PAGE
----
British cuisine. Bread Cheese Chilli Potato Tomato Curries Italian cuisine French cuisine.
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British cuisine • Bread • Cheese • Chilli • Potato • Tomato • Curries • Italian cuisine • French cuisine
The Industrial Revolution that began in Britain in the 18th century is responsible for the former very poor reputation of British food. Unlike the populations of most other countries, by the mid 19th century the majority of the British population were working in city factories and living in very poor housing. The new working classes had lost contact with the land and the standard of cooking declined as a result. Industrial-era foods
Influence of other countries In Great Britain, food was frequently reduced to "meat and two veg," mostly with stew and soup. The rationing of most foods during (and for some years after) World War II did little to assist the situation, though it raised the average nutritional standards of the population to levels never previously achieved. However post-war population movements, foreign holidays and immigration to the UK led to the increasing absorption of influences from former colonies (e.g. India) and from Europe (particularly France and Italy). The books of Elizabeth David introduced many new recipes from the Mediterranean. Italian-American influence is now ubiquitous and pasta or pizza make a significant contribution to many diets. Berni Inns introduced the British public to prawn coctail and steak, chips and peas, and Wimpy Bars did the same for the Hamburger. Chicken Tikka Masala A dish with Indian (Bangladeshi) and Chinese origins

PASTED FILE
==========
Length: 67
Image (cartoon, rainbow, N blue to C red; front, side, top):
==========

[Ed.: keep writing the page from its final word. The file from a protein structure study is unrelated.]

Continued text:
Take – Away Food • Fish And Chips • Mushy Peas • Steak And Kidney Pie
Modern British cuisine Modern British (or New British) cuisine is a style of British cooking that emerged in the late 1970s, and has gained increasing popularity more recently. It uses mainly high-quality ingredients local to the British Isles, preparing them using methods that combine traditional British recipes with modern innovations. Much Modern British cooking also draws heavily on influences from the cuisines of the Mediterranean and, more recently, southeast Asia. The influence of northern and central European cuisines is significantly slighter. The Modern British style of cooking emerged as a response to the perceived poor quality of British cuisine following the II World War, and the resulting popularity of foreign cuisine in Britain in decades that followed. Ulster fry, a variant of British cooked breakfasts
Traditional British Breakfast • A full English breakfast with scrambled eggs, bacon, sausages, black pudding, mushrooms, baked beans and hash browns • One breakfast permutation: two eggs, bacon, sausage, fried tomatoes, and bubble and squeak.